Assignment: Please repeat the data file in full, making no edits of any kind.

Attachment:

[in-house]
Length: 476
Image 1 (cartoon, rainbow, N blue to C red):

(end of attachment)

[in-house]
Length: 476
Image 1 (cartoon, rainbow, N blue to C red):